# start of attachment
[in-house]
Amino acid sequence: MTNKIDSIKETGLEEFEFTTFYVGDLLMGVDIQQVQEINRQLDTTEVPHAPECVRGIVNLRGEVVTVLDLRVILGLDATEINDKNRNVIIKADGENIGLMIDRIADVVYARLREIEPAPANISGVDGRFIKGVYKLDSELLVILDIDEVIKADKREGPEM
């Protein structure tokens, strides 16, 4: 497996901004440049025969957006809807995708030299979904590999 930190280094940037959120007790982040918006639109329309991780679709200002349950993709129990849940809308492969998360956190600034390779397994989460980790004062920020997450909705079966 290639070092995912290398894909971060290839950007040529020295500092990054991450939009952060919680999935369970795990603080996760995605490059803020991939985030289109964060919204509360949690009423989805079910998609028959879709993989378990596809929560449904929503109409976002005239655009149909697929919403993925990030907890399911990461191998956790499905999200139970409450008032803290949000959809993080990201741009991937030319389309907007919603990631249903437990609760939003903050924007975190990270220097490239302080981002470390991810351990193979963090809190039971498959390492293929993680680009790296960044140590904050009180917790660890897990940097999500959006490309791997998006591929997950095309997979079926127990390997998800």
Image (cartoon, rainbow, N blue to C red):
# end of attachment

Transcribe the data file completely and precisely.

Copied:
[in-house]
Amino acid sequence: MTNKIDSIKETGLEEFEFTTFYVGDLLMGVDIQQVQEINRQLDTTEVPHAPECVRGIVNLRGEVVTVLDLRVILGLDATEINDKNRNVIIKADGENIGLMIDRIADVVYARLREIEPAPANISGVDGRFIKGVYKLDSELLVILDIDEVIKADKREGPEM
């Protein structure tokens, strides 16, 4: 497996901004440049025969957006809807995708030299979904590999 930190280094940037959120007790982040918006639109329309991780679709200002349950993709129990849940809308492969998360956190600034390779397994989460980790004062920020997450909705079966 290639070092995912290398894909971060290839950007040529020295500092990054991450939009952060919680999935369970795990603080996760995605490059803020991939985030289109964060919204509360949690009423989805079910998609028959879709993989378990596809929560449904929503109409976002005239655009149909697929919403993925990030907890399911990461191998956790499905999200139970409450008032803290949000959809993080990201741009991937030319389309907007919603990631249903437990609760939003903050924007975190990270220097490239302080981002470390991810351990193979963090809190039971498959390492293929993680680009790296960044140590904050009180917790660890897990940097999500959006490309791997998006591929997950095309997979079926127990390997998800």
Image (cartoon, rainbow, N blue to C red):